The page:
Yes, the home vintner can make fine wine—from oaked Chardonnays to rich spicy Zinfandel to luxurious ports and dessert wines—all in the convenience of home. Numerous products of pressed varietals juice from the world's finest estates are available to the home winemaker. With some solid techniques, and the ability to follow basic directions, you will impress your friends with wine that they thought you purchased. Then you can revel in their confusion when you tell them you made it.
How much do you have? Just kidding. Beginning wine making kits from HomeBrew Den start as low as $89. Wine ingredient kits are available in a wide range of options to match anyone's budget. Most wines can be produced for approximately $2.50 - $5.00 per bottle.
Most wine ingredient kits yield 6 gallons of finished wine—approximately 28 - 30 750 ml bottles.
Like brewing beer, making wine at home is surprisingly easy, safe, and lots of fun. Wines made at home can be made without adding additional sulphites, can be blended for a unique house wine, and can be packaged as beautifully as commercial wines. Your friends and family—even frenemies—will be impressed when they learn your wine is as good, if not better, than what they bought at the store. Home wine makers are making full-bodied, decadent wines for nominal cost.
On average, the timeline from creation of your wine to packaging (bottling) is approximately six to eight weeks. After bottling, some wines will be ready to drink immediately. Other wines will need more aging. In general, most white wines will need 1-3 months of aging while red wines will need 3-6 months of aging. Some red wines and dessert wines will benefit from even longer aging.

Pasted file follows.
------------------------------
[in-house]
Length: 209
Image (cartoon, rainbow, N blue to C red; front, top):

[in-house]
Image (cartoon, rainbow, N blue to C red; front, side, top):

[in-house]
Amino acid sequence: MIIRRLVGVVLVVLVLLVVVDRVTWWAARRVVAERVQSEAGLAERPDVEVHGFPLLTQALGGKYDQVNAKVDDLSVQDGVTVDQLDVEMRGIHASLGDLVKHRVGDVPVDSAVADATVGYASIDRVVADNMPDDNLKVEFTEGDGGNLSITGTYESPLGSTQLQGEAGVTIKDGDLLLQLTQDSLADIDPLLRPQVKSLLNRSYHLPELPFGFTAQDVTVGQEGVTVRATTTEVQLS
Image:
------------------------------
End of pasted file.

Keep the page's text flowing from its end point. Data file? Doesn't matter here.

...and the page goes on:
When preparing your wine for fermentation, it will smell like fruit—yummy, jammy fruit. The most common aroma identified by home winemakers is that of the sulfur byproducts created during fermentation. Those aromas often subside after a few days.
Most winemakers make their wine in their home kitchen. Due to the temperature needs of fermentation, wine fermentation is best when done indoors.
Making beer and wine at home for personal consumption is legal in most states. Home distilling of alcoholic beverages is not legal. There are other things that aren't legal, too, but we don't have the space to list them all.
Mead is a fermented beverage created with honey. It shares many characteristics with wine, and it can be carbonated or non-carbonated in its finished form. In other words, it's an ingredient for deliciousness.
Most mead recipes are typically designed to make either one gallon or five gallons of finished product. Individual mead-makers adjust their recipes and methods if different volumes are desired.
In general, 12-15 pounds of honey will yield five gallons of 12 - 14% alcohol by volume mead.
Numerous varieties of honey exist. Most honeys are reflective of native plant material in a particular geographic area. HomeBrew Den offers indigenous honey from local apiaries as well as occasional "visiting" honeys from across the county. Each variety of honey is different from another and will have its own unique flavor, aromas, textures and composition. Those characteristics will become part of the uniqueness of your mead. To that extent, mead makers use honeys that have characteristics that they enjoy. Most, if not all, honey can be used in mead making.
Mead can test your patience, but it is well worth it. Although the basic process of fermentation may be complete after a month or two, mead benefits from long aging and is often consumed between one and two years after packaging.
Still have an unanswered question? Click here to ask one of our experts. Each one is like an Oracle of Delphi, but for beer and wine.